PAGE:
Thursday, 10 November 2016

Boundary Commission hearing at Truro – day one: A report

At Lys Kernow (“New County Hall”) in Truro today, speaker after speaker appeared at the Boundary Commission hearing to raise objections to the proposal for a cross-Tamar constituency.

The various representations were extremely well-crafted and made a strong case against Devonwall. Many people called for the Boundary Commission to join them in making representations to central government to amend the Parliamentary Voting System and Constituencies Act, while many outlined the distinctive characteristics of Cornwall and its identity. Three people gave presentations entirely in Cornish which were translated into English by Mark Trevethan.

People at the hearing who opposed Devonwall came from a range of Cornish cultural groups, some independent councillors, as well as a representatives from a number of political parties (Green Party, Labour, Liberal Democrats, Mebyon Kernow and even one Conservative!)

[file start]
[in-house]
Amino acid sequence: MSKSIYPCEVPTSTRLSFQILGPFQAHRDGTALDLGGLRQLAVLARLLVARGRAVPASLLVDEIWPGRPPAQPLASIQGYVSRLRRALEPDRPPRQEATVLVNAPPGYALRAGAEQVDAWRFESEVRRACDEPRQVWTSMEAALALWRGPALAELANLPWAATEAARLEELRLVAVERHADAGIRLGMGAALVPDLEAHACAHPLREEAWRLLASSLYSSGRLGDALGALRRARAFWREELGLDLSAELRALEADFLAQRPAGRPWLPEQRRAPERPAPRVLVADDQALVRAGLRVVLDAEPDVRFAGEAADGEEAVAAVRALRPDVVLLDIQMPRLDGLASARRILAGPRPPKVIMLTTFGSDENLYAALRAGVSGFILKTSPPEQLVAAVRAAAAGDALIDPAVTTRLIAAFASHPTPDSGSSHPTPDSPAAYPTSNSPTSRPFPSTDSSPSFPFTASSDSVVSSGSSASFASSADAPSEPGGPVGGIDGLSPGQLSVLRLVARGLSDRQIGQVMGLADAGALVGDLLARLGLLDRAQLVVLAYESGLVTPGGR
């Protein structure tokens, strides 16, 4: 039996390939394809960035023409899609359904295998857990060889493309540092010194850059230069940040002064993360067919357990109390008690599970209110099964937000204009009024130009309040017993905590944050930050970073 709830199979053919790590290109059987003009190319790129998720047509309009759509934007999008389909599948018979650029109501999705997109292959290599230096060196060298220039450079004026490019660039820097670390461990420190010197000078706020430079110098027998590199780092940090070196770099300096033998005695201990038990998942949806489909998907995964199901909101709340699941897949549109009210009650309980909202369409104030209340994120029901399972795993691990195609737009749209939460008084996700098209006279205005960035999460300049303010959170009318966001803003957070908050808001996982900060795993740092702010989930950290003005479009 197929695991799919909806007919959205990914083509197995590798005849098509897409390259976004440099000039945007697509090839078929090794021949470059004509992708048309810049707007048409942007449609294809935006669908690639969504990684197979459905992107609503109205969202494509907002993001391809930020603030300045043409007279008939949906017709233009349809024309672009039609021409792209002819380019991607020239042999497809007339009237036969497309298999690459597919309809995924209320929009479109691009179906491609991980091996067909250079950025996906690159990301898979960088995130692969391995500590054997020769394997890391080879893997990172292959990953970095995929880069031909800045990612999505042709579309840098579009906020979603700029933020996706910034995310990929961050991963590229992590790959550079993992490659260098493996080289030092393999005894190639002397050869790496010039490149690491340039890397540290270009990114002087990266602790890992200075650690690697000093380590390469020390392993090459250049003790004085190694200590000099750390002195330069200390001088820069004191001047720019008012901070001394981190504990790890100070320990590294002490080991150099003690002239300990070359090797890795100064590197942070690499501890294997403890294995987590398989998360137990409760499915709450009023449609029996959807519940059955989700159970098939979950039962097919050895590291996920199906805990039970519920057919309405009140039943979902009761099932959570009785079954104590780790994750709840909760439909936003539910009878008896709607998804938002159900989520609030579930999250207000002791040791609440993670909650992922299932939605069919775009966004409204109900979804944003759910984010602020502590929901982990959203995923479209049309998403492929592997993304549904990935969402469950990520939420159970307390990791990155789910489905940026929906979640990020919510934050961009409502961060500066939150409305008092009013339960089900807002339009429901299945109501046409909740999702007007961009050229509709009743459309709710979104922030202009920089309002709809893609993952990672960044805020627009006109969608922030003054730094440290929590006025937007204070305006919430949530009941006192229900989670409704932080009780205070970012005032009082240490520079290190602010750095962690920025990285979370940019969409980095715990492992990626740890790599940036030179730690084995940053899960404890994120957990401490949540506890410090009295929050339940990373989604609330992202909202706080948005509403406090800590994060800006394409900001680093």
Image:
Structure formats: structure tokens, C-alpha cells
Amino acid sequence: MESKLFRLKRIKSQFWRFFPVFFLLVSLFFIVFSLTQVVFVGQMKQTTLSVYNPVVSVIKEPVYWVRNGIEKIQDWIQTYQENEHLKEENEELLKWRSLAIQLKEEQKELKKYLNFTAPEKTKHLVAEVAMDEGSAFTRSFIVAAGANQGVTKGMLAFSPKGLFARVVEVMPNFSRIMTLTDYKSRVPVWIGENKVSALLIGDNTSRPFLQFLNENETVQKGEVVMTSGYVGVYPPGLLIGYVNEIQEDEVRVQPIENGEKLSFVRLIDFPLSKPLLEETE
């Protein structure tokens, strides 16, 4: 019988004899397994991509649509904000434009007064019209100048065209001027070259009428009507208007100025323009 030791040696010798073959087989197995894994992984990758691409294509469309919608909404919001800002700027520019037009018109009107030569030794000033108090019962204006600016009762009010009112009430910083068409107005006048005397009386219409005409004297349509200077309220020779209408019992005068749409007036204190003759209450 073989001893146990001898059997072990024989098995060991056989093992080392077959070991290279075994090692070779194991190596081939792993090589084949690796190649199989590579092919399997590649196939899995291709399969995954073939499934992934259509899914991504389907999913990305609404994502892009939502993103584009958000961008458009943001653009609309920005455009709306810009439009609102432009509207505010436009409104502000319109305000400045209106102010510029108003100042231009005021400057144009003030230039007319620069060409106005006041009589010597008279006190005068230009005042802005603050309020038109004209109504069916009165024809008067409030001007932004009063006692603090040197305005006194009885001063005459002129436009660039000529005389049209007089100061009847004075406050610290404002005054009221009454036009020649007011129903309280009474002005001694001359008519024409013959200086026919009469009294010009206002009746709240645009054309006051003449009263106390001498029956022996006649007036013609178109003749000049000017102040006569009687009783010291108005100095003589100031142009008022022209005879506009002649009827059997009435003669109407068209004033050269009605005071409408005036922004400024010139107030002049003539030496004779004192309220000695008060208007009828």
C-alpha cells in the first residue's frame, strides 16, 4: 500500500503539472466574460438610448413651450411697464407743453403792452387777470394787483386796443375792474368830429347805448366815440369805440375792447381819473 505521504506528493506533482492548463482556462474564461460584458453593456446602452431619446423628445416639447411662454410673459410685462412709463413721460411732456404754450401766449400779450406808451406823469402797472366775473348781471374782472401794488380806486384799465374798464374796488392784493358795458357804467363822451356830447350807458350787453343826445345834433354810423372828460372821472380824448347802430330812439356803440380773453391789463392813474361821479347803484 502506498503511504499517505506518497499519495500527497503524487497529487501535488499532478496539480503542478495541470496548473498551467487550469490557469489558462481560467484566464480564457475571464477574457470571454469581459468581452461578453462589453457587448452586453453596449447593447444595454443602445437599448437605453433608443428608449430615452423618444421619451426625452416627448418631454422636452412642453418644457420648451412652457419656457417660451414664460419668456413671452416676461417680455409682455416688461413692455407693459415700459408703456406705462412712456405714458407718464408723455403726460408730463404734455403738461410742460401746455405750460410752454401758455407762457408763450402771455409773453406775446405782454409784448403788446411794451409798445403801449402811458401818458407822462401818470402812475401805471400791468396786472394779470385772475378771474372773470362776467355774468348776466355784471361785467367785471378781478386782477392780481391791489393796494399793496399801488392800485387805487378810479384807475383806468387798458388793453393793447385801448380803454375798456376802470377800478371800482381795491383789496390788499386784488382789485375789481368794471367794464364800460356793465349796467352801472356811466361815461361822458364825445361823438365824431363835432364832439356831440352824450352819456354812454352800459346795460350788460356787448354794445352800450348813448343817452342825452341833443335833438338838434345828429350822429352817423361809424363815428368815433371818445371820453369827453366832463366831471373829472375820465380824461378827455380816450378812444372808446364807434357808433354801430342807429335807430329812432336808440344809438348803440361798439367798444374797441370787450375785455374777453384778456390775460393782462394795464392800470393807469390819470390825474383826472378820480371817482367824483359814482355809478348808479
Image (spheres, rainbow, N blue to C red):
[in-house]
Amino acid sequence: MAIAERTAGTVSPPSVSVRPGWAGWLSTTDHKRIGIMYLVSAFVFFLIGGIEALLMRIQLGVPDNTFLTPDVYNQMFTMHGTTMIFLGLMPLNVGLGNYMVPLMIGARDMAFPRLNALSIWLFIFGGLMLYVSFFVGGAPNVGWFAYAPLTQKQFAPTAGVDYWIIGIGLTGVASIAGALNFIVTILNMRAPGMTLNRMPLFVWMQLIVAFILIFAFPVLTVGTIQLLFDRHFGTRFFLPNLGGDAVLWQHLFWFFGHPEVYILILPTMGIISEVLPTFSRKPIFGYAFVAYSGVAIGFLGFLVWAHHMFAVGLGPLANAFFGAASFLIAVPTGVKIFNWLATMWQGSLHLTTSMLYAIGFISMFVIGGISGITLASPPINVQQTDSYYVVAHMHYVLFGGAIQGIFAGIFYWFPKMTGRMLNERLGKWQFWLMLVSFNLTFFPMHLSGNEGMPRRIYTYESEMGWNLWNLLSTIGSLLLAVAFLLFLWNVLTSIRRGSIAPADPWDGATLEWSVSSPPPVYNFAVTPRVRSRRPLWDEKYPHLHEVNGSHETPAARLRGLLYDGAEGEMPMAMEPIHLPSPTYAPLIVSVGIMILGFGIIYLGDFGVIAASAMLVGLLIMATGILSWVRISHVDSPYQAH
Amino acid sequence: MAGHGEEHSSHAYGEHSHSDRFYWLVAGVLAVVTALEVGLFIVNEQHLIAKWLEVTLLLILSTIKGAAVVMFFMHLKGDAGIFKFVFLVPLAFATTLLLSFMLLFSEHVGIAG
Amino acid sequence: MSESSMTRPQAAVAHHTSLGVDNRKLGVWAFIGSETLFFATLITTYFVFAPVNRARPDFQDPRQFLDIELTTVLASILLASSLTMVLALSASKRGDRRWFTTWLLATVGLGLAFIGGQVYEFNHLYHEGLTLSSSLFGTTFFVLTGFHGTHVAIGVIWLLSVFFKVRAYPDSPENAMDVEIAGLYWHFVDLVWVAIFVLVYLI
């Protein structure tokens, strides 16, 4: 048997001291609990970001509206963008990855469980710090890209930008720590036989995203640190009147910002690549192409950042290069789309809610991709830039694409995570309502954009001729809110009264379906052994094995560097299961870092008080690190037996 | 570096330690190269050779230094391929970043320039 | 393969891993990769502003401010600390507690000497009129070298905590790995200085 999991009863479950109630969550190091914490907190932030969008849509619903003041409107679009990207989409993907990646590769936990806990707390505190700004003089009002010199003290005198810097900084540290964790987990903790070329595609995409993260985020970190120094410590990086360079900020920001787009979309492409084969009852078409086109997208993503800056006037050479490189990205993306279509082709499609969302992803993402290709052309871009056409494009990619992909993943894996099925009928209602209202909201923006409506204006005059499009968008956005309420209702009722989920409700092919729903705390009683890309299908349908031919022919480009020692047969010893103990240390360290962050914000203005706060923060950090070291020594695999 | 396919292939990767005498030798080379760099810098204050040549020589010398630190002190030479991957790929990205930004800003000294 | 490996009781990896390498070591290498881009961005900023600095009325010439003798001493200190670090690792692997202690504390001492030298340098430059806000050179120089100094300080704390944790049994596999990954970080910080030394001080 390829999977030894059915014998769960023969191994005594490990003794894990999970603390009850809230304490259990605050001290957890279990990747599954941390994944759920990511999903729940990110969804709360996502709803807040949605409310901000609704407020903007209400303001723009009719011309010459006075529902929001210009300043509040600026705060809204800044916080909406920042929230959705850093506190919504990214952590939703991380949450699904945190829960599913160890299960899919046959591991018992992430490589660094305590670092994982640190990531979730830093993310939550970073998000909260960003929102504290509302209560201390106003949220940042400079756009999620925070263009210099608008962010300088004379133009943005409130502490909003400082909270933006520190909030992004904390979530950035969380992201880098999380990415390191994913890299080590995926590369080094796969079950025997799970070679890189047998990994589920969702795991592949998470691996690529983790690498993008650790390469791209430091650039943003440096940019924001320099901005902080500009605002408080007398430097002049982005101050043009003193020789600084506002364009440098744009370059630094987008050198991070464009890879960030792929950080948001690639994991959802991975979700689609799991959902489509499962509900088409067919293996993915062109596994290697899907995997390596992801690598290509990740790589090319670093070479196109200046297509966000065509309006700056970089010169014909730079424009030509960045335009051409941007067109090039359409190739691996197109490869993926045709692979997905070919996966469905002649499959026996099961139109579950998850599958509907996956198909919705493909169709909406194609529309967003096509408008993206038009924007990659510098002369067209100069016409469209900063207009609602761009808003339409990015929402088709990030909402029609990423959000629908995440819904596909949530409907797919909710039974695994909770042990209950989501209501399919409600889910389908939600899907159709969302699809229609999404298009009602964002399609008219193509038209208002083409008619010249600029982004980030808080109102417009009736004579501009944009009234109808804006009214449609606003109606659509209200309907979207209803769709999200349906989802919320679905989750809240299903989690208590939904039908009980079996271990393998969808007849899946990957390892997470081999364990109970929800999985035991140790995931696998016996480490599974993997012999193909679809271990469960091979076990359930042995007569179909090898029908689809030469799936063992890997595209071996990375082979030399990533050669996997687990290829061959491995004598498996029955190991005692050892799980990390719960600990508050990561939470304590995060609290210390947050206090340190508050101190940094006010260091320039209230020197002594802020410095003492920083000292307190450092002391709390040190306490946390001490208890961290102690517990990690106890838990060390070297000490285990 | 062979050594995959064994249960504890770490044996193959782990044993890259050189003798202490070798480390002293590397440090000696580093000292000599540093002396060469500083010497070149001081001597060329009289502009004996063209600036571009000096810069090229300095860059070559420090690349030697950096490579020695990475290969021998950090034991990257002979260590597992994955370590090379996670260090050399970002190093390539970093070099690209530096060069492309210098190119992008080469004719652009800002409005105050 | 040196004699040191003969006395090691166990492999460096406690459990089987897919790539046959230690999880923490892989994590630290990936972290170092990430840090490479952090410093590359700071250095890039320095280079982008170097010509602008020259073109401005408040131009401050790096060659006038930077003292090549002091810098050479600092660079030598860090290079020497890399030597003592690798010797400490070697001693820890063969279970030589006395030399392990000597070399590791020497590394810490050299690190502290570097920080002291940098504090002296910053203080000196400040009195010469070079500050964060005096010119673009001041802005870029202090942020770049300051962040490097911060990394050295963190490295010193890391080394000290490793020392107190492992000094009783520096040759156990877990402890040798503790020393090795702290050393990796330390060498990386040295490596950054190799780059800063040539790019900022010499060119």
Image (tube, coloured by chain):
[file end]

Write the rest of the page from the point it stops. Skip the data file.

I left at six and there were still a couple of people due to speak later. The full list of speakers against Devonwall up to 6.00 was as follows:

Candy Atherton, Bert Biscoe, Dee Brotherton, Armorel Carlyon, Mike Chappell, Matthew Clark, Merv Davey, Mael Garrec, Peter Harvey, Claire Hewlett, Loveday Jenkin, Ian Lobb, Andrew Long, Greg Matthews, Nev Meek, Jack Morrison, Dave Munday, Gareth Parry, Mick Paynter, Amanda Pennington, Milo Perrin, John Pollard, Helen Rawe, Donald Rawe, Hugh Rowe, William Thomas, Mike Tresidder, Sarah Tresidder and Robert Webber. Apologies if I have missed anyone.

Highlights for me included the kilted William Thomas bursting into song with a fabulous rendition of “Bro Goth Agan Tasow, and Mael Garrec from the Union Democratique Bretonne making an insightful contribution about the negative aspects of border-blurring which had been experienced in Britanny.

Three speakers did not oppose a cross-Tamar seat. They were all Conservatives – George Eustice MP, Tim Smith and Richard Stephens.

I will be speaking tomorrow at about 2.30 and there are still a number of open slots for the hearing which will last from 9.00 to 5.00.

Staff from the Boundary Commission were very accommodating today and a number of people who turned to support other speakers were able speak themselves in some of the vacant slots.

So if you are free tomorrow – why not come along, have a say and oppose Devonwall!

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